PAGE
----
5) Seven good films
The Godfather
The Usual Suspects
Pillow Talk
Funny face
The Matrix
The Wizard of Oz

6)Seven blogs to tag
Anna Overseas
D and A in Singapore

February 10, 2006

The Latecomer

All at the last minute I am going home. My small, black suitcase is stuffed in the corner of the staffroom and I have arranged to leave an hour early so that I can make it to the airport in Friday afternoon traffic. There is nothing of any importance in my case. No clothes, I will have to live in my black cords for a few days.

I have packed my camera and packed away my dignity, so I am ready to look like a tourist and take pictures on market day in Northallerton. I am looking forward to going home but I am not excited because it has all happened so quickly. I need to be out of the city so that I can breathe. I need to look at the green hills and rough heather that blanket the dales of Yorkshire. I want to walk next door and pop my head round and see if Kelli can spare half an hour for a coffee and a gossip about nothing in particular.

Maybe I will get to spend some time with my brothers. I already have my evenings booked up with friends who I want to spend some time with. I just want my normality back for a few days. The old life that I used to love, the place where, just for once, I am the local one. I am the one with the roots and the history that ties me there.

"I've found a way
a way to make you smile"

"I walk the streets to stop my weeping
But she'll never change her ways"
Jeff Buckley

February 09, 2006

The Love Letter

Some-one recieved a love letter today. Valentines day is nearer than I like to think, but this outpouring of emotion came in an unusual way. The letter was in french, and it was posted on the net. It was from a French man to a woman he has known for a few months. They have been seeing each other casually, although it seems that casual has not been labelled correctly.

The formation of words and letters into sentences can be plain, or it can be extraordinary, more amazing when the thoughts are unimagined. The love letter slipped into reality not even from illusion. There was no wondering that this island lay beneath the surface of the ocean.Je sais le desir que cette nuit ne soit pas la seule, et la deception qu'elle le devienne...I know the desire of this night is not to be the only one, but the deception is that it could be.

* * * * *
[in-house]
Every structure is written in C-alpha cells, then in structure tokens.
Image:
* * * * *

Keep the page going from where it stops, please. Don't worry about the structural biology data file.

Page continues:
He has told her, in this way what she means to him. What does she do with the information given in these letters? Should she take the warmth and sadness and let them sink into her heart, or should she open her arms and embrace them? Je sais les premieres heures, celles ou on est incapable de ne pas s'emballer en se distant que peut-etre cette fois...In these first hours, they are unable to hope that it could perhaps be this time.

What does he hope for this man who has put these words into the world, and not directly into the ears of the woman he loves. Is he overwhelmed by her? Is he scared that she was only invested in the casual label we know now to be wrong. Is this how true love starts, with words that we are too scared to say? Does it begin with emotions felt so deeply, but that no-one ever imagines is there? Et ca me rend lyrique...Above all I felt the loneliness, the feeling of being misundertood more than the desire in what was written.

When writing todays blog, you cannot imagine the length of the letter, the stuff that I left out. Is that how they felt, more unsaid than spoken aloud?

February 08, 2006

La douleur de la patisserie

Even though a friend told me that todays title is something you would never say, I named the post comme ca anyway.Ever since watching the last episode of Sex and the city, set in Paris, I wanted to find the Patisserie where Carrie sits and eats cakes in the face of being abandoned by her Russian lover.

I happened upon Cador one day when I decided to get off the bus and walk down by the river. On Rue de L'Admiral-Colgigny, there is a faded pistachio green sign that sits on the corner of a building. Close to the Louvre, near to the river, it is prominent but discreet at the same time. The thing that I love most about Cador is the faded glamour of the inside. Yellowed cream walls and gold cornicing are peeling off the walls. The rattan chairs and benches are frayed.